This final verse in Luke’s famous account of the birth of Jesus struck me differently than it ever had before when I read it last December. I’d always thought the phrase “The shepherds returned” meant they returned to their flock, but now I see an entirely different scenario.

If you’ll remember, the verses preceding this one tell how after hearing the angelic announcement of the birth of a Savior, the shepherds hurried off to Bethlehem to find the babe. After they saw the Son of God, “they spread the word concerning what had been told them about this child.” (v. 17)

Now if they spread the word, they certainly must have gone out into the community and beyond to tell everyone they saw what they had seen and heard. So when scripture goes on in verse 20 to say “The shepherds returned”, might it mean that they returned to Bethlehem to see Jesus once again?

I think that might be what happened. After they spread the news, I think they may have felt irresistibly drawn back to the Babe. I think they may have wanted to come close to the Savior again. Their return trip might just have been back to Bethlehem instead of back to their flock.

Let’s plan our return trip even now. After we travel to and fro, celebrating Christmas—the birthday of the King—with family and friends alike, let’s make sure we return to glorify and praise our Savior in our daily lives when all the holiday hubbub is over. Let’s return to worship Him year round.

“Come near to God and he will come near to you . . .” James 4:8a

*Flickr photo by rahego, Creative Commons License

The Constant of Christmas

The holiday season can be a difficult time for many. Heartaches hurt more, burdens feel heavier, and changes can be more challenging to accept. Loneliness looms larger and disappointment runs deeper as well. At times, Christmas joy can be hard to find.

Where do you find your Christmas joy? If you search for it in people—family and friends—those can change or disappoint. If in new possessions or extravagant treats, those can be stripped away or give only short-term fulfillment. If in well-laid plans for the perfect Christmas, a winter storm or unexpected illness can topple those in an instant.

Only in the manger can we find unchanging, unfailing Christmas joy. Oh, we can and do experience holiday joy with our families and friends, with our activities and traditions, with music and feasting. But the deep, abiding joy of Christmas—and of our lives—that no circumstance or human failing can touch can be found only in the constant of Christmas. Only in Jesus.

Let’s look to the manger this holiday season. Let’s let Jesus anchor our Christmas joy. For He is a rock like no other. He is the constant of Christmas.

“‘And surely I am with you always, to the very end of the age.’” Matthew 28:20b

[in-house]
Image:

*Flickr photo by jeffweese, Creative Commons License

Favorites from the Book of all Books

If you’ve followed my blog for very long, you know that we talk books every now and then. It’s fun to share what we’re currently reading and what our favorites are and at the same time pick up some great recommendations for future reads. Today I’d like to talk books again, but this time let’s talk about the Book of all books — the Bible, also known as the Word of God.

As I tell the little ones in my nursery-age Sunday School class, the Bible is a special book. In fact, it’s the most treasured book I own and my absolute all-time favorite to read. When it comes to other books, even the ones I fall in love with or am blown away by, none stay as close to my heart as the Bible. After I read others, I put them on a shelf and only think of them occasionally. Because I love them, I might pick them up again and reread them years later, but they don’t impact my life every day.

Not so with my Bible. I read it (or select verses from it in devotional reading) daily. I even try to memorize verses that I especially need or love. Not only is the Word of God “useful for teaching, rebuking, correcting and training in righteousness” (2 Timothy 3:16) in my life, it breathes fresh life into me like nothing else is able to do. It comforts me, guides me, encourages me, and gives me truth that I can offer to other thirsty souls. To put it like the Bible itself does, “the word of God is living and active…” (Hebrews 4:12)

I’m sure the Bible is as life-changing and precious to many of you as well. So today let’s share some of our “favorites” from it. What’s your favorite book within the Bible? Favorite story? Favorite verse? I hope you’ll take time to leave a comment and answer any one or all of the questions. It’ll be fun to hear what’s especially meaningful to others, won’t it?

I think my favorite book has to be Psalms — maybe because I love poetic writing and music, but it’s also so full of refreshment and encouragement. My favorite story is the Christmas story. For me, it’s just hard to top the angel’s announcement of a Savior born to us all. And favorite verse? That’s a hard one. So many mean so much to me. But one I come back to time and again is Proverbs 3:5-6: “Trust in the LORD with all your heart, And lean not on your own understanding; In all your ways acknowledge Him, And He shall direct your paths.” (NKJV)